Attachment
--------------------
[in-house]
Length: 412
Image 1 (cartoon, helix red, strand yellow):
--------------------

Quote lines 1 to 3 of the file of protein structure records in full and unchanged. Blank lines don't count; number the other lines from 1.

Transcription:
[in-house]
Length: 412
Image 1 (cartoon, helix red, strand yellow):